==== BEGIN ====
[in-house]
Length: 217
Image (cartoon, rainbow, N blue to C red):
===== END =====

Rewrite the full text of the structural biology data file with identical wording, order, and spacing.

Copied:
[in-house]
Length: 217
Image (cartoon, rainbow, N blue to C red):